The demand for government regulation springs from the lack of understanding that markets are amazingly proficient at regulating themselves through the competitive process. This process involves firms' competition for customers, workers, financing and suppliers.
Call this regulation that arises through the natural operation of markets “competitive regulation.”
Competitive regulation uses sticks and carrots. The sticks are lost market share, even bankruptcy, suffered by businesses that harm their customers and workers. The carrots are the higher profits earned by businesses that satisfy their customers and treat their workers fairly.
One key to the success of competitive regulation is that consumers can shift their spending away from merchants who deliver too little value for the dollar to merchants who deliver good value for the dollar. Therefore, the self-interest of merchants to increase their profits pushes them to work hard to deliver to consumers as much value per dollar as they can.
Likewise with workers. Firms that pay wages that are too low (given their workers' productivity) or that offer poor working conditions lose employees to firms that pay higher wages and offer better working conditions. Just as workers' self-interest drives them to seek jobs with the best combination of wages and working conditions, firms' self-interest drives them to treat workers fairly.
None of this regulation is done according to a plan. It's not enforced by government officials. But this regulation has always been — as it remains today — by far the chief source of regulation in market economies.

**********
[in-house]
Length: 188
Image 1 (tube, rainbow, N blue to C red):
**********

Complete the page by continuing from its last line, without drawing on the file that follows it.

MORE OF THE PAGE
No one asserts that competitive regulation works perfectly. But perfection isn't the appropriate standard. The claim, rather, is that competitive regulation works pretty darn well.
Want evidence? Go to the supermarket and then to the mall. You'll find astonishingly wide offerings of high-quality and affordable goods: food and drink products, detergents, kitchenware, clothing, furniture, consumer electronics and on and on and on. You'll also find stores manned by clerks and managers who generally would be distraught to lose their jobs.
Nearly none of what you see is the result of government regulation. No regulator ordered Safeway into business. And no regulator tells it what to offer for sale. If Safeway wished, it could — as far as the government is concerned — stock only cans of corn and nothing else. It could refuse to pay any of its workers wages higher than the legislated minimum. It could open for only 15 minutes daily. It could use pencils and paper, rather than electronic scanners or cash registers, to tally its customers' grocery bills.
But it does none of these things. Competing with Kroger, Wal-Mart and other supermarkets, Safeway voluntarily chooses — for its shareholders' own good — to spend tens of millions of dollars annually to keep its shelves stocked with a vast assortment of items, to pay most of its employees wages well above the legislated minimum, and to undertake all the other countless activities that it must undertake to turn a profit.
The success of the modern economy testifies to the impressive effectiveness of competitive regulation. And this impressive effectiveness of competitive regulation, in turn, calls into question the need for government regulation.
If competitive regulation works so well, perhaps the premise underlying government regulation is faulty. Perhaps businesses are not as prone in reality as they are in popular myth to abuse customers and workers at every turn.
Donald J. Boudreaux is a professor of economics at George Mason University in Fairfax, Va. His column appears twice monthly.